Grendel Vs The Shadow

Written and drawn by Matt Wagner
Colors by Brennan Wagner
Published by Dark Horse

A story in which two previously established characters meet can be a difficult thing to pull off. When it’s done right, it’s pretty great (and long running debates over who beats who get settled with little to no alcohol-fueled nerd rage). When it’s not done right, however, it can get pretty bad pretty quick. Characters with their own intense fandoms get devolved into hollow shells of their popular selves, losing their personality to become nothing more than a name and a costume. Changes to in-universe logic doing the story disservice, and cop out explanations thoroughly test the suspension of disbelief. Unfortunately, although some things were done well, Grendel Vs The Shadow did not meet my expectations for the meet up, and was, in the end, just not for me.

The problems I had with the book were numerous. What bothered me the most, though, was that Grendel Vs The Shadow did not feel like Grendel vs. The Shadow, but instead, felt like a Shadow book in which a character who happens to look like Grendel is there. I will admit that I am not nearly as familiar with the Shadow as I am with Grendel, and I do understand that Wagner has been writing The Shadow for some time and has not done a sizeable Grendel story in almost seven years. This does not excuse the fact, though, that throughout the book Hunter Rose does not act within his character, he is not himself – more of a tool of the story than a driving force behind it, with his personality changed to fit the world of The Shadow rather than being applied to it.

Besides the character problems, I felt that the colors were not appropriate to the story. Noir, to me, does not seem to require more than a muted palette, and The Shadow in particular would be well suited to Grendel’s traditional black, white, and red. Some gaps in logic (that I will refrain from describing to keep this review spoiler free), particularly in regards to how the book’s situation came to be, took me out of the story, and ended up making me feel more annoyed than anything.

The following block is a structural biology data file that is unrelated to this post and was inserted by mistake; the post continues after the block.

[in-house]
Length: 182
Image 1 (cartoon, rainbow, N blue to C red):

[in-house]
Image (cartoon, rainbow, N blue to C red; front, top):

Despite the issues I had, the book was not all bad. I always enjoy Wagner’s art, and Grendel Vs The Shadow was no exception. His layouts were quality and very much in his particular style, adding much to the cool action noir aesthetic of the book. I also enjoyed the covers, which were well composed, even if they did seem to be mash ups of previous images Wagner drew of Grendel and the Shadow, rather than original drawings. Brennan Wagner’s colors were quite good, and worked well with his father’s drawings, filling out and complimenting them – I just did not feel they were appropriate to the atmosphere or setting of the book. The book is extremely pleasing to the eye, thanks to the father and son team, just lacking in story and characterization.

Ultimately, although I was rather disappointed in Grendel Vs The Shadow, it was not a disaster. Its art is definitely a redeeming factor, as is the implication that Wagner is thinking about Grendel again. If you are a fan of either character (especially The Shadow, as this seems to be much better on his end), then this will likely be a fun (if not very fulfilling) read for you. Hopefully, though, this is a hint at more original work and a transition back to his creator owned characters, from Wagner, soon. Though for now, we can only speculate.